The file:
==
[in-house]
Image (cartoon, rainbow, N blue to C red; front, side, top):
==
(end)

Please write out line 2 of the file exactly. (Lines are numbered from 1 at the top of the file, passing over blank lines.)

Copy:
Image (cartoon, rainbow, N blue to C red; front, side, top):